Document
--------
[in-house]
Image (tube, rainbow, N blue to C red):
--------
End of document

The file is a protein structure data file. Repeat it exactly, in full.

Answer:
[in-house]
Image (tube, rainbow, N blue to C red):